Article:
Windows 10 check BIOS or UEFI

How to check if PC uses BIOS or UEFI on Windows 10

Do you have to know whether your Windows 10 computer uses BIOS or UEFI? Here's how on two ways.

  • To check if the computer uses BIOS or UEFI on Windows 10, open System Information > System Summary, and confirm if the “BIOS Mode” is set to “BIOS” or “Legacy,” or “UEFI.”

UPDATED 10/24/2023: On Windows 10, you have multiple ways to check whether your computer uses a BIOS (Basic Input Output System) or UEFI (Unified Extensible Firmware Interface) firmware, and in this tutorial, I’ll show you the steps to complete this task.

BIOS is a small piece of software stored on a non-volatile chip on the motherboard, which instructs the system on how to boot and configure system hardware, such as hard drive, keyboard, mouse, processor, memory, and others.

Although BIOS has been around for many years and helps the operating system to interact with the hardware, it’s a system with some limitations, such as drive partition support, slow startup times, and it doesn’t offer security during startup.

UEFI is a newer firmware type that replaces BIOS and comes with a boot manager, delivers faster startup times, improves networking support, supports large partitions on drives, and offers security features to protect your system against bootkit and other malware attacks during startup.

While most devices already come with UEFI support, there are still many computers (especially older ones) that are still using BIOS. If you want to know which type of system your desktop, laptop, or tablet is using, you can check this information in at least two different ways on Windows 10.

In this tutorial, I’ll outline the two ways to check whether your computer uses BIOS or UEFI on Windows 10.

Check if UEFI or BIOS on Windows 10

On Windows 10, you check the firmware type from the System Information app or from the SetupAct.log file available in the “Windows” system folder. Here’s how.

1. System Information

To confirm whether your computer uses UEFI or BIOS on Windows 10, use these steps:

  1. Open Start on Windows 10.

  2. Search for System Information and click the top result.

  3. Confirm if the “BIOS Mode” is set to BIOS or Legacy under the “System Summary” section to determine whether the system uses BIOS.

    System Information check BIOS (Legacy)

  4. Confirm if the “BIOS Mode” is set to UEFI under the “System Summary” section to determine whether the system uses UEFI.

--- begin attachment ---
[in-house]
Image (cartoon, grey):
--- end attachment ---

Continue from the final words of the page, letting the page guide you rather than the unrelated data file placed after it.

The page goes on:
BIOS mode UEFI

Once you complete the steps, the System Information application will help you confirm the type of firmware type on Windows 10.

2. SetupAct.log

To determine if your device uses BIOS or UEFI through the setupact.log file, use these steps:

  1. Open File Explorer.

  2. Type the following path in the address bar and press Enter.


    Windows Panther folder

  3. Open the setupact.log file using the Notepad.

  4. Open the Find tool with the “Ctrl + F” keyboard shortcut.

  5. Search for “Detected Boot Environment” and check:

    • If the line reads Callback_BootEnvironmentDetect: Detected boot environment: BIOS, then your computer uses BIOS.
    • If the line reads Callback_BootEnvironmentDetect: Detected boot environment: UEFI, then your device uses UEFI.
  6. SetupAct.log check BIOS or UEFI

After you complete the steps, you will know the firmware type available on your computer.

You can also find out the version of the BIOS or UEFI with these instructions.

Although you can use these instructions on Windows 11, it’s unnecessary since the operating system only supports devices with UEFI, and you cannot install it using the BIOS mode. 

If you plan to upgrade to Windows 11 from 10, sometimes systems include an option to switch between these two types of firmware. However, you will have to check with your device manufacturer to confirm the support and the specific steps to switch from the Basic Input Output System to Unified Extensible Firmware Interface.

Update October 24, 2023: These instructions have been updated to ensure accuracy and reflect new changes.

About the author

Mauro Huculak is a Windows How-To Expert who started Pureinfotech in 2010 as an independent online publication. He has also been a Windows Central contributor for nearly a decade. Mauro has over 14 years of experience writing comprehensive guides and creating professional videos about Windows and software, including Android and Linux. Before becoming a technology writer, he was an IT administrator for seven years. In total, Mauro has over 20 years of combined experience in technology. Throughout his career, he achieved different professional certifications from Microsoft (MSCA), Cisco (CCNP), VMware (VCP), and CompTIA (A+ and Network+), and he has been recognized as a Microsoft MVP for many years. You can follow him on X (Twitter), YouTube, LinkedIn and Email him at [email protected].